Author Topic: Popes on EENS  (Read 2225 times)

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Offline tdrev123

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Popes on EENS
« Reply #30 on: March 18, 2017, 07:49:03 PM »
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  • Not even the Code of canon law is infallible.  It is addressed to the Latin Church, not the universal church, which is a requirement for infallibility.

    You would be laughed out of any seminary, novas ordo, indult, sspx, MHT, sspv etc. for saying catechisms are all infallible.

    You don't even know basic theology.  

    Offline Ladislaus

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    Popes on EENS
    « Reply #31 on: March 18, 2017, 07:53:16 PM »
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  • Quote from: tdrev123
    Not even the Code of canon law is infallible.  It is addressed to the Latin Church, not the universal church, which is a requirement for infallibility.


    That's not true.  Something addressed to the Latin Church is considered universal in scope (vs. something addressed to a particular church or region).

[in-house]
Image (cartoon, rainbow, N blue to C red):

Offline Ladislaus

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    Popes on EENS
    « Reply #32 on: March 18, 2017, 07:55:03 PM »
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  • Quote from: BumphreyHogart
    All you Feeneyites keep doing is taking potshots and running away. You can't seem to follow and hold a discursive discussion right through.


    Nobody's running away.  We refute your positions and then you claim that no one has addressed your point.  Honestly, you and bosco bore me; you have the combined intellect of a turnip.

    That's Cushingite Tactic #4.

    Offline Ladislaus

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    Popes on EENS
    « Reply #33 on: March 18, 2017, 07:59:03 PM »
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  • Quote from: BumphreyHogart
    When it involves approved Catholic Catechisms, and generally approved books for the clergy & laity, it is part of the ordinary magisterium.


    Yes, those can be parts of the ordinary magisterium.  But the ordinary magisterium is infallible when it's universal.  Baltimore Catechism does not constitute universality by any stretch of the imagination.

    Quote from: Bumphrey
    The Church CANNOT fail to notice within a generation that something is dangerous to their faith.


    False.  This is your stupid dogmatic sedevacantist "negative infallibility" crap again.  There's no divine guarantee that the Church will condemn every error that's floating out there.

    Offline Ladislaus

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    Popes on EENS